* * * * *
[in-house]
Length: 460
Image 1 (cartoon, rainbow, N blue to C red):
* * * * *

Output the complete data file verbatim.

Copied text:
[in-house]
Length: 460
Image 1 (cartoon, rainbow, N blue to C red):